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Monday, October 25, 2021

William Gaddis 2: A primitive structure


Apropos of The Recognitions, Gregory Comnes once claimed that “everything in the novel is plot”. Being an expert who’s written The Ethics of Indeterminacy in the Novels of William Gaddis, I advise you to pay heed to him instead of me, but I disagree. If I had to take a guess, I’d say Comnes is probably unconsciously paraphrasing Gravity's Rainbow:

   “This is some kind of a plot, right?” Slothrop sucking saliva from velvet pile.

   Everything is some kind of a plot, man,” Bodine laughing. (p. 714)

Nowadays we seldom realize how much Gaddis is beholden to the Borgesian way Pynchon has forced critics to interpret his precursors.

Gaddis, besides heir to 19th-century realism, was also imbedded in early modernists, who found plot to be an unnatural, rhetorical contrivance that stood in the way of a more authentic presentation of life. José Ortega y Gasset summarily rejected it in The Dehumanization of Art (1925). On the other extremity of Europe, with no one to listen to him yet, Viktor Shklovsky defended its centrality in Theory of Prose but in the following year his Third Factory (1926) had this volte-face: “Plot-oriented prose still exists and will continue to exist, but it has been consigned to the attic.” Paradoxical as it may be to say this about a novel whose 900 pages are rife with the usual 19th-century coincidences that propelled plot, I think that Gaddis was likewise dismissive of it. Just because the characters do a lot of things, the things being done are quite repetitive and taking place in the stationary milieu of parties, rather indistinctive parties that drag on for dozens of pages on and are always populated by the same people, as if we were watching concentric circles within circles, halting the narration to a near standstill.

Outside these parties, multiple subplots develop, very slowly, only occupying lots of pages because a few events at a time are amplified by minutia and digression; subplots include: Reverend Gwyon going mad; Otto trying to make it big as a playwright while trying to reconnect with his father, Mr. Pivner; counterfeiter Frank Sinisterra returning to his trade after a stint in prison; Stanley, a Christian just taking his time composing a symphony for his mother and seizing an opportunity to play it in an Italian church, Fenestrula. Plot and subplots develop naturalistically and resolve themselves satisfyingly, and most of it makes sense to me, although I confess even on re-read there are bits that remained unclear to me.

I wouldn’t say everything here is plot; I don’t even think it’s a wonder of the imagination, and comparison with immediate followers like The Sot-Weed Factor, Mumbo Jumbo, Gravity’s Rainbow, The Public Burning, emphasizes Gaddis’ unbudging love for the traditional novel’s down-to-earth baseline. Whereas they were recuperating the neglected art of storytelling, The Recognitions can become difficult because he, like his modernist forebears, didn’t think so much storytellingly as spatially, his models were not myths, fables and fairy-tales, but collage and juxtaposition. Another analogy would be the hologram, from whose fragment the whole can be rebuilt. Or else think of it as two mirrors reflecting each other ad infinitum, but not ad nauseam because Gaddis adds enough variation to stave off boredom. But he intercuts linear development with lateral thickening: we must pay attention to events in succession, yes, but we must also retain the incrementation of patterns, leitmotivs, thematic iterations, parallel structures, and all the foreshadowing burrowed in the language.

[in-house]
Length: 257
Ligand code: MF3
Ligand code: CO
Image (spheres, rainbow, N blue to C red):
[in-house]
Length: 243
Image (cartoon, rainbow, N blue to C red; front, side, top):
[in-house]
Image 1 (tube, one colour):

Now one reason for proceeding in this manner instead of narratively stems not just from the modernist contempt for telling stories, a low activity left to hacks, but from one of the scientific fields that emboldened it so much: anthropology. It’s no mystery that Gaddis infused his novel with the readings of anthropologists of myths and religions, namely James Frazer’s The Golden Bough. I think we can demonstrate that, instead of relying solely on realism’s causal logic, he structured information after the primitive mind attuned to sympathetic magic. Curiously, it was a casual reading of a Jorge Luis Borges essay, “Narrative Art and Magic”, that made me apprehend the link between the primitive mind and Gaddis’ use of connections, mirroring, analogies, affinities, and metaphorical, poetic ways of rendering the interconnectedness of all things: “The techniques of the novel have not, I believe, been analyzed exhaustively,” Borges opens his essay. “A historical reason for this continued neglect may be the greater antiquity of other genres, but a more fundamental reason is that the novel's many complexities are not easily disentangled from the techniques of plot.” Undaunted, stressing that “the main problem of the novel is causality”, he offers two modes for organizing plot. How to justify the cohesion of elements into a narrative? What’s the rationale behind their stickiness? What glues them? The easiest way, the one we take for granted, didn’t appeal to Borges: “One kind of novel, the ponderous psychological variety, attempts to frame an intricate chain of motives similar to those of real life. This type, however, is not the most common. In the adventure novel, such cumbersome motivation is inappropriate; the same may be said for the short story and for those endless spectacles composed by Hollywood with silvery images of Joan Crawford, and read and reread in cities everywhere. They are governed by a very different order, both lucid and primitive: the primeval clarity of magic.”  The second method makes us experience the pre-scientific mind that establishes analogies and affinities between disparate things, the mind that believed in the hermetic principle of